Get me to the air­port on time

Record Observer - - Religion - Dr. James L. Sny­der is pas­tor of the Fam­ily of God Fel­low­ship, Ocala, FL 34483, where he lives with his wife. Call him at 1-866-552-2543 or email jamess­ny­der2@att.net. His web­site is www.jamess­ny­der­min­istries.com.

I was off to the air­port on another trip. I started out early, ar­rived at the air­port on time, but when I ar­rived the plane had can­celed and I had to ap­ply for another plane. The next plane headed for my des­ti­na­tion was about two hours away. This would, in fact, make me miss my con­nect­ing flight.

I sup­pose I ought to be grate­ful that I was able to catch a later flight. It gave me some time to sit in the air­port with noth­ing to do but think. Talk about a bor­ing af­ter­noon!

One of the things I thought about was never fly­ing again. But, ne­ces­sity is the mother of in­con­ve­nience, or some­thing like that.

While I was think­ing in the air­port, I thought of a wise old man who, wax­ing philo­soph­i­cal, once said, “Time waits for no man.” I know he was wise be­cause he did not in­clude women in his ob­ser­va­tion. Al­though time will wait for no man, it has a dif­fer­ent ap­proach to women.

Usu­ally speak­ing, a man wel­comes the passing of time. Proudly he dis­plays those wrin­kles and cal­luses as marks of man­hood. Un­til re­cently, gray hair was a crown of author­ity. Even Solomon, the wis­est man said, “The hoary [gray] head is a crown of glory, if it be found in the way of right­eous­ness” (Proverbs 16:31 KJV).

The grayer the head, the wiser the man. Al­though, I must con­fess I have seen my share of in­tel­li­gencechal­lenged gray-headed men.

A woman, how­ever, has an al­to­gether dif­fer­ent phi­los­o­phy when it comes to time. As a man with gray hair, I do not fully un­der­stand their phi­los­o­phy.

I sup­pose there are some men who would like to be 25 again. Most men, how­ever, are happy to be as old as they are. Women are dif­fer­ent. They live upon the con­cept of age­less beauty. Who am I, as a man, to counter that phi­los­o­phy?

I dis­cov­ered this many years ago. A woman ca­su­ally asked me how old I thought she was. I have long since dis­cov­ered that this is no ca­sual ques­tion and she is not look­ing for ex­act in­for­ma­tion. I, at the time, took it as a chal­lenge and tried to guess her age. Wrong! I have since learned that the cor­rect re­sponse to this ques­tion is, “Why, you don’t look a day over 25.” I do not know ex­actly what that means, but I have of­ten got­ten smiles from this re­sponse. No mat­ter how old the woman is, in her mind she is still 25. The man has a dif­fer­ent idea. “I’m 60,” he will boast to who­ever will lis­ten, “and I can still do a whole day’s work.” Then he will go out and throw his back out just to prove it.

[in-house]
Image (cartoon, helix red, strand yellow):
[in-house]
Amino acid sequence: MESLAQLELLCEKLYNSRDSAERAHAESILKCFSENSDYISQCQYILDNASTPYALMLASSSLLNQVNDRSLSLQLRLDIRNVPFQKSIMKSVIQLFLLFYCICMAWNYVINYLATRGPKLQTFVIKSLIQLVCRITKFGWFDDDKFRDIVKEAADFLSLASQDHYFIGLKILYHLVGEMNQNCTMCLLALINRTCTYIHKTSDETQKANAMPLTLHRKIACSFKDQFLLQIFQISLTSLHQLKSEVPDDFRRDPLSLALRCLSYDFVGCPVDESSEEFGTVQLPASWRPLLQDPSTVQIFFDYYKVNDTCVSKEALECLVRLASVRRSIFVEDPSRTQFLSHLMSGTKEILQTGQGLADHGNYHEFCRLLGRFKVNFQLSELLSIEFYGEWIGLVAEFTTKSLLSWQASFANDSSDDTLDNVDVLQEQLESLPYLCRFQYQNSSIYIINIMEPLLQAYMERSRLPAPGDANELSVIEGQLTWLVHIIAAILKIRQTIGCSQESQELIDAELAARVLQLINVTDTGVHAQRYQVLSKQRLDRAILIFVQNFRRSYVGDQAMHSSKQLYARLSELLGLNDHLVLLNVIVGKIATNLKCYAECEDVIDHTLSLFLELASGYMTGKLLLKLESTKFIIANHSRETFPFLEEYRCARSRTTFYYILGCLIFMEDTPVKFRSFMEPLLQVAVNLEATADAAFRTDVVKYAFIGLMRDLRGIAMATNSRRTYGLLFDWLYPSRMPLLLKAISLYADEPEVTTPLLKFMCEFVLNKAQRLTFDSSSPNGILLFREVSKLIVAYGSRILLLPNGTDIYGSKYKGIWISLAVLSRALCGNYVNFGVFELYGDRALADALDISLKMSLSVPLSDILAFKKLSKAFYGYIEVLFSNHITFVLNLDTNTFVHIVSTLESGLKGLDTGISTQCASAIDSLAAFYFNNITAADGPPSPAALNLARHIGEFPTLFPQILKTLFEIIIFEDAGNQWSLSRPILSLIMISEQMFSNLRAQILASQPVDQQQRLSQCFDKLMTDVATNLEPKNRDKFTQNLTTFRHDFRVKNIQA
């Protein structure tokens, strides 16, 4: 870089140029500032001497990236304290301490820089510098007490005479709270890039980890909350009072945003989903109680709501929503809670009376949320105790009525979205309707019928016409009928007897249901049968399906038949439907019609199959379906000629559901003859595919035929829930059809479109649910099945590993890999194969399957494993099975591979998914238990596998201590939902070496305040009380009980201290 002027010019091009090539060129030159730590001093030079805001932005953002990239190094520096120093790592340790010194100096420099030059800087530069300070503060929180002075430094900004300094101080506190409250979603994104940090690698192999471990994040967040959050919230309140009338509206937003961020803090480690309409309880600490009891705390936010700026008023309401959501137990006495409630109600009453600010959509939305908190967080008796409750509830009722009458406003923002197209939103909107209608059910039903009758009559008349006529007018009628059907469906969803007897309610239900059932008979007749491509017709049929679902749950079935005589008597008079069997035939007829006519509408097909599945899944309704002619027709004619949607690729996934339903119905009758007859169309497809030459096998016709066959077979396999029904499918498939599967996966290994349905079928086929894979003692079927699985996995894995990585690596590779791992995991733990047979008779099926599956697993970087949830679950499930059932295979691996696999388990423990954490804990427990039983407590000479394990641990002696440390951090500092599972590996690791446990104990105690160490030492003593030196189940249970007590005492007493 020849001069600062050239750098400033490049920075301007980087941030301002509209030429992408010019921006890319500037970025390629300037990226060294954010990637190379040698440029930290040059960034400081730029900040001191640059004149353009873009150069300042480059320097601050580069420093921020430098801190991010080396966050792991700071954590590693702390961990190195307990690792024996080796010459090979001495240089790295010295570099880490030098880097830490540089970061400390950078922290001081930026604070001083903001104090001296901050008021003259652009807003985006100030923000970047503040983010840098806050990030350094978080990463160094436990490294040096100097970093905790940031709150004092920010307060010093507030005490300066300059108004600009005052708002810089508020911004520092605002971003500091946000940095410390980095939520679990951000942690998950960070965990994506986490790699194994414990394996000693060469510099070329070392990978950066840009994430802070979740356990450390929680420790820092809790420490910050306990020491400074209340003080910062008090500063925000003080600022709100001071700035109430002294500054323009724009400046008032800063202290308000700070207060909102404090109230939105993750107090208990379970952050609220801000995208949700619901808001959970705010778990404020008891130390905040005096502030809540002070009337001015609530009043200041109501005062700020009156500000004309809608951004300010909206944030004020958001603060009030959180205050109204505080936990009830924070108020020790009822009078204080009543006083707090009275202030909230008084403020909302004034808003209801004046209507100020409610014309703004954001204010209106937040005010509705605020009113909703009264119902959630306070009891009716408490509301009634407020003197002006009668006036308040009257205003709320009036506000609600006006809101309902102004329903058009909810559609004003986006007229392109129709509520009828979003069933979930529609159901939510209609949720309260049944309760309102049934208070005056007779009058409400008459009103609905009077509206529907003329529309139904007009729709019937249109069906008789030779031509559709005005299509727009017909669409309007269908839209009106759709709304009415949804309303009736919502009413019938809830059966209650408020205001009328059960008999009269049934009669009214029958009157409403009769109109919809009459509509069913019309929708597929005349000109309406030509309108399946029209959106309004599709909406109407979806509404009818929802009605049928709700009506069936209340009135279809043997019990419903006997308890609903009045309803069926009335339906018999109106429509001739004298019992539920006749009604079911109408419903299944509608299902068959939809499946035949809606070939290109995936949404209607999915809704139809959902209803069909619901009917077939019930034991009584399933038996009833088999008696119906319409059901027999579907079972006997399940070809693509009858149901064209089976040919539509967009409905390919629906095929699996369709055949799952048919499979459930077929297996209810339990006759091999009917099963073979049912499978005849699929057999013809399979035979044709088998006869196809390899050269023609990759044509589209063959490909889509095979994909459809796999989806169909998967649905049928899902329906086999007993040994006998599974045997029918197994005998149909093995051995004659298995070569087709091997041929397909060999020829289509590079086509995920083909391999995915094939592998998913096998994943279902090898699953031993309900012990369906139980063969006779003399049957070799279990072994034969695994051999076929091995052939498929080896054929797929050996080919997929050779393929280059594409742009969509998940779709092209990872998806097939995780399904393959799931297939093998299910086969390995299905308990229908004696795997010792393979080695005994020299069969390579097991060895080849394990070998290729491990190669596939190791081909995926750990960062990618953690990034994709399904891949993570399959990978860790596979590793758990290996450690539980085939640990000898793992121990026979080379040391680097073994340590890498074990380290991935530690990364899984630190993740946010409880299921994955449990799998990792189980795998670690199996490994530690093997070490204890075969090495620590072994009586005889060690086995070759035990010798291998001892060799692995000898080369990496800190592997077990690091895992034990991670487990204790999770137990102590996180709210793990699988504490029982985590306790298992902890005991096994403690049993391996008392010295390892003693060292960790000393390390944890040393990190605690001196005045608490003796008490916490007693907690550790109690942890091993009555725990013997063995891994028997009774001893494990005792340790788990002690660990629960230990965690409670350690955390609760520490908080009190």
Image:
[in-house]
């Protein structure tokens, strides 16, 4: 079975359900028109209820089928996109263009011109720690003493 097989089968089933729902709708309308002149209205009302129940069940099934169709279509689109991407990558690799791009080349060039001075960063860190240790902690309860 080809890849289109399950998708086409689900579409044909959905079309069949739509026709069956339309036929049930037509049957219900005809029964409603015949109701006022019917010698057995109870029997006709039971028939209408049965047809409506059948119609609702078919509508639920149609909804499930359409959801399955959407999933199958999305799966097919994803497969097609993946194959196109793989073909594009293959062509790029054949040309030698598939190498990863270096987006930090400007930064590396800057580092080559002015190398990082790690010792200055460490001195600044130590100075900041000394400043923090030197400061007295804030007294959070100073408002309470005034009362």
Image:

Time has a dif­fer­ent ef­fect upon a man as it does upon a woman.

There is noth­ing wrong with try­ing to look younger. I sup­pose it is an eas­ier task to do if you are a woman than if you are a man.

Ev­ery morn­ing be­fore I leave the house I try to make my­self as non­scary to the pub­lic as I pos­si­bly can. I will scrape my face, pat down my hair, and douse my­self with af­ter­shave and in 10 min­utes, I am done and ready for the world.

I have no­ticed that the Gra­cious Mistress of the Par­son­age takes a lot longer than 10 min­utes to get ready to face the world. I must ad­mit she does a very good job of it, but I also must ad­mit it takes a long time and it seems each year it gets longer.

I do not want to call at­ten­tion to my­self. I just want to get through the day and back home again. I know I am not as young as I used to be but I take con­so­la­tion in the fact that I am older than I used to be. And hand in hand with good old Fa­ther Time, I have walked down the won­der­ful time­line.

For me per­son­ally, I like to cel­e­brate each birth­day as a once-in-al­ife­time celebration. My goal in life is to get as old as I pos­si­bly can, and with the good help of Fa­ther Time, I am well on my way. Time has not stood still for me, for which I am most thank­ful.

Just like get­ting to the air­port on time for my flight, I want to be on time for ev­ery­thing happening in my life. I do not want to miss a thing. Too of­ten peo­ple look back­ward, stum­ble over to­day, find them­selves in to­mor­row and do not know how they got there. I want to en­joy the time I have in real time.

There is no time like the present to en­joy. Mem­o­ries are won­der­ful. Aspirations are de­light­ful. But, noth­ing can take the place of right now.

The Bible has a lot to say about time. We are in a time­line es­tab­lished by God and it will not slow down un­til we come to the end. The apos­tle Paul un­der­stood this when he wrote, “And that, know­ing the time, that now it is high time to awake out of sleep: for now is our sal­va­tion nearer than when we be­lieved” (Ro­mans 13:11 KJV).

There is no time like the present and as some­one said, “This is the first day of the rest of my life.” I am go­ing to cel­e­brate my “Now” with all the en­ergy I have.

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